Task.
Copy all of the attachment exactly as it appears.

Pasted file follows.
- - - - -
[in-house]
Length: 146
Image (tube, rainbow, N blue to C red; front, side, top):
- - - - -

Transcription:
[in-house]
Length: 146
Image (tube, rainbow, N blue to C red; front, side, top):